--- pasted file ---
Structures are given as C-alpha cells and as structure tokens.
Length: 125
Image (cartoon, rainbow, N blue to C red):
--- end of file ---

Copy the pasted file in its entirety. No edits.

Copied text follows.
Structures are given as C-alpha cells and as structure tokens.
Length: 125
Image (cartoon, rainbow, N blue to C red):